Two francophone theological schools become one
The Quebec Mennonite Brethren theological school ETEM (École de théologie évangélique de Montréal) has officially merged with the Christian and Missionary Alliance’s IBVIE (Institut Biblique VIE), unveiling its new identity as ETEQ (École de théologie évangélique du Québec) and cementing a long-term collaboration.
“The merger of ETEM and IBVIE sets an example of how Christian groups can work together in a secular, post-Catholic context,” says ETEQ president Kristen Corrigan.
“In Ezekiel 37:15–22, Ezekiel holds up two pieces of wood inscribed with the names of Judah and Joseph to show that what was once distinct is now joined,” says Corrigan. “We take this as our example of two schools uniting under God.”
The benefits of the merger include more efficient use of financial and human resources and the potential for fostering and strengthening other partnerships, including the relationship with Université Laval, through which students receive course credit and internationally recognized degrees.
Over the past five years of joint operations, ETEM-IBVIE has developed three certificate programs, a bachelor’s degree – and this past fall – a master’s program. In 2015–16, the college celebrated a record enrollment of 70 students (850 credit hours).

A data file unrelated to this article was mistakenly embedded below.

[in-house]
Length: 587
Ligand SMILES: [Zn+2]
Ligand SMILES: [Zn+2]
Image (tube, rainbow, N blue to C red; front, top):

The relationship between the two schools has been growing for many years. In 2009, IBVIE moved from Quebec City onto shared premises with ETEM, and the two schools began blending courses in the 2010–2011 school year.
ETEM’s predecessor, Institut Biblique Laval (IBL), began in 1976 by “accident”: while in recovery from a car crash in Quebec, Henry Brucks, secretary of the MB Board of Evangelism, had a vision for training leaders for the Quebec church.
IBL students received academic credits through Université de Montréal starting in 1990. In 2000–01, under president Éric Wingender, IBL changed its name to ETEM to reflect the institution’s status as an undergraduate school of evangelical theology.
In 2011, ETEM transitioned from their partnership with Université de Montréal to a new agreement with Université Laval. That, and a closer relationship with IBVIE, injected new life.
The “du” instead of “de” in “École de théologie évangélique du Québec” changes the geographical focus from the narrow designation of Montreal or Quebec City to the whole province – the primary region the school serves.
ETEQ’s students are leaders in churches across Quebec and the francophone world, says Corrigan. BA graduate and MA student Danielle Lajeunesse is editor of the French MB publication Le Lien, and current student Matthew Riverin leads Shred le Messe, a growing skateboard ministry.
—Angeline Schellenberg with files from ETEQ, GAMEO and the MB Herald